Apple trees can easily become infested with a variety of insect pests, particularly the coddling moth. Left unchecked, they can decimate the harvest from an orchard or even a single tree in short order, perhaps as quickly as one summer. Following a schedule of spraying and employing other gardening techniques can minimize the damage.
The coddling moth itself does no damage to the tree. It overwinters in the tree and as temperatures warm up, they awake, mate and lays eggs in the bark and on the branches of the apple tree. The eggs hatch in two to four weeks. The larvae or "apple maggots" or "apple worms" seek out the fruit and burrow in, passing through several stages of development before emerging as moths and starting the process over again. A female coddling moth can lay between 50 and 100 eggs in her month of life. The cycle repeats two to three times a season, more often in warmer climates where the growing season is longer.
The ideal time to treat the infestation is before the moths have had a chance to lay eggs. Spray horticultural petroleum oil over the surface of the tree when daytime temperatures reach 45 to 55 Fahrenheit when there is no frost danger predicted for the night. Apply Esfenvalerate, Spinosad, Permethrin or Kaolin clay 17 to 21 days after full bloom of flowers or 10 days after all the petals have fallen off. These treatments remain active for one to two weeks. Additional treatments will be required every one to two weeks throughout the summer to disrupt the mating the mating cycle.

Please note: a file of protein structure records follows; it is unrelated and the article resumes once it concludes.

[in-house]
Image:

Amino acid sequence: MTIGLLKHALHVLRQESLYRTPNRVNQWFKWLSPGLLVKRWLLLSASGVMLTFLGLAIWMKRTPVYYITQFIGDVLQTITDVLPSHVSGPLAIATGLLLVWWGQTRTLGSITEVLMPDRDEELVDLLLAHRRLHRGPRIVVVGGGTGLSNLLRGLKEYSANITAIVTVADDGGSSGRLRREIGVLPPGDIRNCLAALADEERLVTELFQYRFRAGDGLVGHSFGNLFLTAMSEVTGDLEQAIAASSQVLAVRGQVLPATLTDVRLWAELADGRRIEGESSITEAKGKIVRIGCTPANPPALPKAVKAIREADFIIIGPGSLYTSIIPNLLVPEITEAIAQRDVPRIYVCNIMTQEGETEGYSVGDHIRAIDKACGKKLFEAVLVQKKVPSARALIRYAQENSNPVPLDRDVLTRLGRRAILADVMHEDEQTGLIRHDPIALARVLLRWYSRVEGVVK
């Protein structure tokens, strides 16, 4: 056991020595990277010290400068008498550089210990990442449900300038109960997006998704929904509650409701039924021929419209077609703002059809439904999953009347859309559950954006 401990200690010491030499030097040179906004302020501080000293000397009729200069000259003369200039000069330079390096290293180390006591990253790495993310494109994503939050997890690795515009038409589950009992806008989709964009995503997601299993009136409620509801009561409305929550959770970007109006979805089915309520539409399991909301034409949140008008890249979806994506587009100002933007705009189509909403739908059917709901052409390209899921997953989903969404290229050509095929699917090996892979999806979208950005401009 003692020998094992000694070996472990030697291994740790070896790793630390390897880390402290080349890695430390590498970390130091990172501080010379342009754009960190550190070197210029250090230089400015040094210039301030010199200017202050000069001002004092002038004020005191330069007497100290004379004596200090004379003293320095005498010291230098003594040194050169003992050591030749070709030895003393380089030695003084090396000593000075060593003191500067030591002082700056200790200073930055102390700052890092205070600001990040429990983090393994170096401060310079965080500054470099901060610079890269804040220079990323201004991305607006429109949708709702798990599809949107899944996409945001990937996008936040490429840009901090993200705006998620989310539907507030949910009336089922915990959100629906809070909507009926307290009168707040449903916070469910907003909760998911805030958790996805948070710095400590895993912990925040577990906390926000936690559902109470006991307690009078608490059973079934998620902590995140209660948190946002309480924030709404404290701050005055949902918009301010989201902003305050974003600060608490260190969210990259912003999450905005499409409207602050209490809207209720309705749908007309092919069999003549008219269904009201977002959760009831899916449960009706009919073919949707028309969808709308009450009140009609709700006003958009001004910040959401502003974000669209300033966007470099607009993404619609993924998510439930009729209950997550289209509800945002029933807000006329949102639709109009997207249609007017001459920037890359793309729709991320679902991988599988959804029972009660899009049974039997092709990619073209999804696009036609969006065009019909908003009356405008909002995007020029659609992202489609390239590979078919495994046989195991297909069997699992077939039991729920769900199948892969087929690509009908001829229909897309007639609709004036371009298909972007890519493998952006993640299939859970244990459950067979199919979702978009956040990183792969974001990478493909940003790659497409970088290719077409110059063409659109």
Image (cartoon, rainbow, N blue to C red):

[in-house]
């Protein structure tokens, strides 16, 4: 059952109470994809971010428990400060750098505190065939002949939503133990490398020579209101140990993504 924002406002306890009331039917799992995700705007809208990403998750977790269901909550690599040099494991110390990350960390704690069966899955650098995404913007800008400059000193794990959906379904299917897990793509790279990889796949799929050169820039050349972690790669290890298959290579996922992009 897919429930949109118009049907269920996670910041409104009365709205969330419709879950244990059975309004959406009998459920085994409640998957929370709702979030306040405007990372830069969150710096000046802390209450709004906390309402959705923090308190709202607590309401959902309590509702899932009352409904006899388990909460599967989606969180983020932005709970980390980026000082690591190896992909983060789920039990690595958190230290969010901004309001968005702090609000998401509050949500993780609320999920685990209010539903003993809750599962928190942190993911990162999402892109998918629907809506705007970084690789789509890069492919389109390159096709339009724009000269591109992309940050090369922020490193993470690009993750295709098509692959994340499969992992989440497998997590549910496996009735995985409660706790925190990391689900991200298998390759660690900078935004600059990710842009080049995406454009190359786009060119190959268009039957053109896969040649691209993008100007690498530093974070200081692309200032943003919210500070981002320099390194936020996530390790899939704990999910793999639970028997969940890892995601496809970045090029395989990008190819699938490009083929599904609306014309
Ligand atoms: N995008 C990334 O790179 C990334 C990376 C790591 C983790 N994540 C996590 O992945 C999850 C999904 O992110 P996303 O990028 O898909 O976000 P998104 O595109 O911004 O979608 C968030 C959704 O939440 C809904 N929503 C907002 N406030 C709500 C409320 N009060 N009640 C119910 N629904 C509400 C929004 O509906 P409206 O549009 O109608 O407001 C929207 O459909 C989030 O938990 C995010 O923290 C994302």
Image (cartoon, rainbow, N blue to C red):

Insecticidal soaps, considered a safer, greener pesticide, can be applied as an alternative at the same time. They are effective in killing females and any larvae the soaps come in contact with but lose their effectiveness as soon as they dries. This method would require many applications to ensure full coverage throughout the growing season.
The use of "mock apples" can alert you as to when adult coddling moths have emerged so that you can begin your treatments. They can also act as lures, attracting females away from real apples. Commercially prepared apples can be made of plastic and contain a pheromone that attracts the female. The apples are coated with a sticky substance that traps the adult moth, making her unable to lay eggs in the tree. Homemade apples can be made of a Styrofoam ball painted red to simulate an apple. Coat it with a sticky substance and hang a couple, homemade or commercial in each tree.
Another important step in protecting your apple tree from infestation is maintenance. Clean up apples as they fall. Apples on the ground are just as inviting to the moths and their larvae as those on the tree. Removing them reduces the number of paces for larvae to feed and grow. A summer and fall clean up fallen apples is recommended. Also, remove any apples from the tree that show "stings," the shallow entry points on the apple where the larvae have eaten their way into the fruit. This greatly reduces the number of larvae that can reach adulthood and repeat the cycle.